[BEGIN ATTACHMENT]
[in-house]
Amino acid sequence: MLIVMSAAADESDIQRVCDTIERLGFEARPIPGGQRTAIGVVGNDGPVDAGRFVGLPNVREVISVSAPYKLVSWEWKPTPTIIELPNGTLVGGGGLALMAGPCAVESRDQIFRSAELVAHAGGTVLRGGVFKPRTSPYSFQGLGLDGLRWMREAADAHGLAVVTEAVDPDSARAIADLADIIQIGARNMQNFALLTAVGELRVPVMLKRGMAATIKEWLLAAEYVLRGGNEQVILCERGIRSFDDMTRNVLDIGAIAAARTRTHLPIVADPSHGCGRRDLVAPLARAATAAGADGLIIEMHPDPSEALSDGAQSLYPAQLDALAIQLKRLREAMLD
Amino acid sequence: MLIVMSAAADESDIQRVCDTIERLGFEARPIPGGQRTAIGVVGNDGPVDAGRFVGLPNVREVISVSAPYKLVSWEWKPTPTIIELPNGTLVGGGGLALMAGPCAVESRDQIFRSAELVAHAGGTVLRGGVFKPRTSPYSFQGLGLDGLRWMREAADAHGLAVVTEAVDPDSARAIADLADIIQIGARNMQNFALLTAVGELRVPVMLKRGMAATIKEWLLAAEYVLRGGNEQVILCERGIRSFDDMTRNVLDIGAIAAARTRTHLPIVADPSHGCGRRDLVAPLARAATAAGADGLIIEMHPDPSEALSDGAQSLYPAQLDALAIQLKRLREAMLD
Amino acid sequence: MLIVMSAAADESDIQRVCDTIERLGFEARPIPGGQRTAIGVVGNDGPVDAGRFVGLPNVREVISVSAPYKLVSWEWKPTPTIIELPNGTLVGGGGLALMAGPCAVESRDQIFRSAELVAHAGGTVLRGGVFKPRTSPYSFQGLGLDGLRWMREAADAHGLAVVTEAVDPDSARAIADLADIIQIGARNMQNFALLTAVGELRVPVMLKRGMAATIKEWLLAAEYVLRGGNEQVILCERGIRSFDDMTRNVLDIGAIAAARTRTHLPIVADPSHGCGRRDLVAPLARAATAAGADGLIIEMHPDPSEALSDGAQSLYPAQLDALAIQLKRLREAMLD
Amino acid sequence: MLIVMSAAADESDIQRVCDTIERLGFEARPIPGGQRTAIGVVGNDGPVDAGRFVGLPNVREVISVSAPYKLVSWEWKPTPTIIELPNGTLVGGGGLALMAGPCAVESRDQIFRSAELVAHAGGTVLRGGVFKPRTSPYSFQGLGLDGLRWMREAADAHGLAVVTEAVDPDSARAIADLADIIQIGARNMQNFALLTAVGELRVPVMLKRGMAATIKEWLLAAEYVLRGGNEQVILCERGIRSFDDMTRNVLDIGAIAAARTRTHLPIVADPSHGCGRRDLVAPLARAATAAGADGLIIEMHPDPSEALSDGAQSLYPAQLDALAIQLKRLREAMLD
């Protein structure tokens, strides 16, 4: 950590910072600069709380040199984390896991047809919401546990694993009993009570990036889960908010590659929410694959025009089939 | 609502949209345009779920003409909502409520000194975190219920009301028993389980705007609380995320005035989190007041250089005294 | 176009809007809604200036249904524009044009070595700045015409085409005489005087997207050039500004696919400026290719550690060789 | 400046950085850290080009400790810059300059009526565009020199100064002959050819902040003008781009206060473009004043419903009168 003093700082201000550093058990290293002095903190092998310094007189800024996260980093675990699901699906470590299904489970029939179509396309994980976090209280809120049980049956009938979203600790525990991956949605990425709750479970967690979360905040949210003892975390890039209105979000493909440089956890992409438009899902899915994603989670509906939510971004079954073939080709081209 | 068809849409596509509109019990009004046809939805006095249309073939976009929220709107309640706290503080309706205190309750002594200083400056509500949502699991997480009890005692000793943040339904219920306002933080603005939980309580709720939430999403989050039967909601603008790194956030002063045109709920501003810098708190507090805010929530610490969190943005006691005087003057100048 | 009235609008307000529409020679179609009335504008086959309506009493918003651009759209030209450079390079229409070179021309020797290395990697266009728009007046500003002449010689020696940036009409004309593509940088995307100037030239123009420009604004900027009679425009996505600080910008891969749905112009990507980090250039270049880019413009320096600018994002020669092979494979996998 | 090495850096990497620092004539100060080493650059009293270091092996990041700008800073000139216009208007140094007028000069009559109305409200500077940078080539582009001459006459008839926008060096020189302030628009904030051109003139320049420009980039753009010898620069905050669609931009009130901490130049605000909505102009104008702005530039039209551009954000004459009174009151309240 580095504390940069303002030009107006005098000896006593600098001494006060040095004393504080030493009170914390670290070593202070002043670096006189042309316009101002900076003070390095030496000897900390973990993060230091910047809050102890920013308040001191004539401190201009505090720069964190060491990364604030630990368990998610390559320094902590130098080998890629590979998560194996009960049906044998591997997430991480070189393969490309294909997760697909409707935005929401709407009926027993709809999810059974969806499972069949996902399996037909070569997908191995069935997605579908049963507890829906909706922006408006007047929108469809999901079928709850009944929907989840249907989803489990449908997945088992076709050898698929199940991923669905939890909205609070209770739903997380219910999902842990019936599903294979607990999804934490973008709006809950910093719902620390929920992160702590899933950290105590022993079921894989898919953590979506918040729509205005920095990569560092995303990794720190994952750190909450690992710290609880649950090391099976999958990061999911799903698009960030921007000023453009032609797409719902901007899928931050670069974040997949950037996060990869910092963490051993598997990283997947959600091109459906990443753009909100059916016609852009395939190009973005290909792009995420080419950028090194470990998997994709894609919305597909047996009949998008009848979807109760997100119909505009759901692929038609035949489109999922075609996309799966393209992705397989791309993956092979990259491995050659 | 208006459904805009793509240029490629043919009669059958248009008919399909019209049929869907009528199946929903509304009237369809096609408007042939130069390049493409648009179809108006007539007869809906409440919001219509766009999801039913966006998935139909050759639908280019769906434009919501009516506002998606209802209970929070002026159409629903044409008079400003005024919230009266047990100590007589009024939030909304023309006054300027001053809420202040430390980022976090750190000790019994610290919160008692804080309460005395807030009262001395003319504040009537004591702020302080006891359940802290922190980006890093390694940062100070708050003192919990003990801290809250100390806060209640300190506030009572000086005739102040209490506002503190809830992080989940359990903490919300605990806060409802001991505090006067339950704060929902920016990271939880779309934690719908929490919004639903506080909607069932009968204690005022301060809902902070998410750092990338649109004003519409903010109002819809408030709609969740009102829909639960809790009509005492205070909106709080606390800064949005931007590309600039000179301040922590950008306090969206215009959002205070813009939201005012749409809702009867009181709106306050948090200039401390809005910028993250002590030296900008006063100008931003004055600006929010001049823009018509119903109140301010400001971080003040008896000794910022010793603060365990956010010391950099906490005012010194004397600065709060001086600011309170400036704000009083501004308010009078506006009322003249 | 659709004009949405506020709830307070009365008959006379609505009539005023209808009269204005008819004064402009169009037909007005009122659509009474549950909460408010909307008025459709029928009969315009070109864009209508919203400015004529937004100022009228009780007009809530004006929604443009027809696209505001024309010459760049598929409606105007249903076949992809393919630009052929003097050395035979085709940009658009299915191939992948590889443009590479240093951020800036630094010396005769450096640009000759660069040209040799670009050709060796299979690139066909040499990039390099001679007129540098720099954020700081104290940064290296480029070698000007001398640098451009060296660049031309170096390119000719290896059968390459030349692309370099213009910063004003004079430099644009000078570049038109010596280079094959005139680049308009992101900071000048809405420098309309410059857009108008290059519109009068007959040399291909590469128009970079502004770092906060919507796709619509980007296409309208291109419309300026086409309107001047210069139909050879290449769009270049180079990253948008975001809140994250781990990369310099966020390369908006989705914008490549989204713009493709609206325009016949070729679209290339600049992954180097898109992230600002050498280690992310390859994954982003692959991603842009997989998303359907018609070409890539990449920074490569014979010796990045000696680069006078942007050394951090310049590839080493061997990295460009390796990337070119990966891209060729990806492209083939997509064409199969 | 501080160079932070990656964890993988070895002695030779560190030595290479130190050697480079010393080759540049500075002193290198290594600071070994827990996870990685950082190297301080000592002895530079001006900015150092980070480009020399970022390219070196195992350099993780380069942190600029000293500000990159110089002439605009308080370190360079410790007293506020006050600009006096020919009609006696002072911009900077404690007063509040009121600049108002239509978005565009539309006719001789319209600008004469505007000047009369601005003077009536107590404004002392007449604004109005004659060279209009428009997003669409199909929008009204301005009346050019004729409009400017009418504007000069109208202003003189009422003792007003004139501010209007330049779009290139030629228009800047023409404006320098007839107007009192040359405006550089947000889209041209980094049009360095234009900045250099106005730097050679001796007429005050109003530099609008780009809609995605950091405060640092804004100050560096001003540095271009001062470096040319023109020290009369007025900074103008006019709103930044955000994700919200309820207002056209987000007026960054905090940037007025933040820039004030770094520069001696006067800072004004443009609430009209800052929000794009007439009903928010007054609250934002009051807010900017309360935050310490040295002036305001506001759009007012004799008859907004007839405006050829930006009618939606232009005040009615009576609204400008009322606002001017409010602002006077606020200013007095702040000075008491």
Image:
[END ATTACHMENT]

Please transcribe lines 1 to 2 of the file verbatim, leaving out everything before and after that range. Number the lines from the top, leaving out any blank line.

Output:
[in-house]
Amino acid sequence: MLIVMSAAADESDIQRVCDTIERLGFEARPIPGGQRTAIGVVGNDGPVDAGRFVGLPNVREVISVSAPYKLVSWEWKPTPTIIELPNGTLVGGGGLALMAGPCAVESRDQIFRSAELVAHAGGTVLRGGVFKPRTSPYSFQGLGLDGLRWMREAADAHGLAVVTEAVDPDSARAIADLADIIQIGARNMQNFALLTAVGELRVPVMLKRGMAATIKEWLLAAEYVLRGGNEQVILCERGIRSFDDMTRNVLDIGAIAAARTRTHLPIVADPSHGCGRRDLVAPLARAATAAGADGLIIEMHPDPSEALSDGAQSLYPAQLDALAIQLKRLREAMLD